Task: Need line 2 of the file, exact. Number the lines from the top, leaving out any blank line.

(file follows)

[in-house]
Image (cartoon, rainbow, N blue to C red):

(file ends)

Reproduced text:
Image (cartoon, rainbow, N blue to C red):